What better way to celebrate the Super Bowl than by reading a poem about basketball?
“When I was 16 years old, some of my brothers and sisters and cousins [were] going down to the public library trying to get public library cards, and we were told the library was for whites only, not for coloreds. To come here and receive this award this honor is too much. Thank you.” Representative John Lewis upon receiving the National Book Award for volume three of his graphic memoir March, which documents Lewis’s role in the civil rights movement.
Rosie Schaap espouses the joys of cooking for others “in a powerfully fraught, anxious time” such as ours. “I wanted, at least in this small way,” she writes, “to give comfort—both to myself and to my loved ones.” And as our own Hannah Gersen has noted, if you’re fortunate to have such a good friend for a chef, you can read a cookbook while they work.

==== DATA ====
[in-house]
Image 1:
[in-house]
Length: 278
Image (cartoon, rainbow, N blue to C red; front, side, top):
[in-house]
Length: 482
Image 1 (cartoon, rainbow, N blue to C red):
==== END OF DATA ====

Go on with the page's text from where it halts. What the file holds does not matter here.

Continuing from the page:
In general, fact-checking isn’t the most glamorous part of a journalist’s career, which is why Michael Erard was surprised to find that a recent fact-checking session for an Al Jazeera article turned out to be among the most interesting conversations of his life. Why? His sources were linguists, and their job was to explain to him the workings of brand-new sign languages.